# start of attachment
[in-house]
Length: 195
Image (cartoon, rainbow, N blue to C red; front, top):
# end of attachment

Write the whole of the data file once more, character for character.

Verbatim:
[in-house]
Length: 195
Image (cartoon, rainbow, N blue to C red; front, top):